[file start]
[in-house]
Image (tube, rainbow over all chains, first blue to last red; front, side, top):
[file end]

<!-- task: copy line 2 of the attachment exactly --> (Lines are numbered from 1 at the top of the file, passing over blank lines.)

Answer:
Image (tube, rainbow over all chains, first blue to last red; front, side, top):